4. Keep nudging people to Jesus. 

When you open up your lives to people you will have some opportunities. Keep nudging people to Jesus. Take opportunities to pray with them. Encouraged them to attend church. Create opportunities to serve others. Keep helping people see Jesus in their everyday lives in the same way that you do. Help people see blessings rather than strange coincidence or luck. 

Discipleship might be the toughest job I have a pastor and follower of Christ. I have been heartbroken by people who have just flat-out fell on their face or just gave up. I have been disappointed by people who I thought had so much potential but just never realized it. I have been hurt by people who I thought I was influencing for good but were imposters. But despite all of this, I have looked back and seen people grow and become more than I thought they would ever be.  These people make you realize this is why you do this. You know that you've made an eternal difference in their life. 

Go out there and make a difference in someone's life today. 




May 2, 2017, 11:46 AM

The Need To Be LIked

One of my favorite characters on TV is Michael Scott from the sitcom, The Office. He is played by Steve Carell, one of the most popular comedy actors right now. Scott is the regional manager of, Dunder Mifflin, a Scranton, PA paper supply company. The problem with Michael is that he loves to be liked. He has trouble making difficult decisions for the company, because he doesn't want to make anyone mad. He has a desperate need to be liked by everyone and it causes him and his co-workers a lot of hilarious headaches and awkward moments. His need to be liked paralyzes himself so that he can't make good leadership decisions.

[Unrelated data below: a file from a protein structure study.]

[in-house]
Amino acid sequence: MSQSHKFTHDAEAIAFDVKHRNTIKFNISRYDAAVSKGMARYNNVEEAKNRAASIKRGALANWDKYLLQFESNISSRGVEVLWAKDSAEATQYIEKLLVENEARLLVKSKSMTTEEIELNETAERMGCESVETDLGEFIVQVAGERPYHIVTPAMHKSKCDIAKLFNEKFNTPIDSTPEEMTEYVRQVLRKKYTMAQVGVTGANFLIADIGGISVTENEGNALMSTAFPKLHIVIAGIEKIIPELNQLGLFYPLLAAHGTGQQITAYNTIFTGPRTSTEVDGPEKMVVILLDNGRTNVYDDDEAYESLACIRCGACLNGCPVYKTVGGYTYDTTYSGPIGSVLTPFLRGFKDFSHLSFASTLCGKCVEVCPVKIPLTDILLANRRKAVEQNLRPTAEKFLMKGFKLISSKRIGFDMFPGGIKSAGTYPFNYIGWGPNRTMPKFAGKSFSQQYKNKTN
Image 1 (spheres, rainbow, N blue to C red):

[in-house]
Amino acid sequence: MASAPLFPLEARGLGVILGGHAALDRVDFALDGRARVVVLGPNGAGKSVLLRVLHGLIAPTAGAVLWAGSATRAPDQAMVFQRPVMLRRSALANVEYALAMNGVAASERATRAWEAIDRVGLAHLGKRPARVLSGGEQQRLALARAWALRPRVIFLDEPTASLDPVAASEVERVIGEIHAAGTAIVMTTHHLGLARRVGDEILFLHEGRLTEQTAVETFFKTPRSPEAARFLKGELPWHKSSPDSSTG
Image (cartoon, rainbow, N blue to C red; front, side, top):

In Matthew 23:5-7 Jesus addresses the Pharisees need to be liked and appreciated and noticed by people. They want people to see them as leaders and as holy people. They love the best seats at the banquets, and they loved to be called, Rabbi. They loved the respect and love of people...even if it was fake. They loved to feel important and in charge and to be in front of people and receive their praises.